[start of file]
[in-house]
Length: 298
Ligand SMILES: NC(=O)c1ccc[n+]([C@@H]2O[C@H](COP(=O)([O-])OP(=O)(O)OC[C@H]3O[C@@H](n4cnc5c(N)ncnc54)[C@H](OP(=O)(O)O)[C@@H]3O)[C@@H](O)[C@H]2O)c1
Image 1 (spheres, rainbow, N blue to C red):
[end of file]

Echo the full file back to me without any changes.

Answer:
[in-house]
Length: 298
Ligand SMILES: NC(=O)c1ccc[n+]([C@@H]2O[C@H](COP(=O)([O-])OP(=O)(O)OC[C@H]3O[C@@H](n4cnc5c(N)ncnc54)[C@H](OP(=O)(O)O)[C@@H]3O)[C@@H](O)[C@H]2O)c1
Image 1 (spheres, rainbow, N blue to C red):